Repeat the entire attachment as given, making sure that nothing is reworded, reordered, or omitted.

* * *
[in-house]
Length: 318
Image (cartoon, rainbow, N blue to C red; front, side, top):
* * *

[in-house]
Length: 318
Image (cartoon, rainbow, N blue to C red; front, side, top):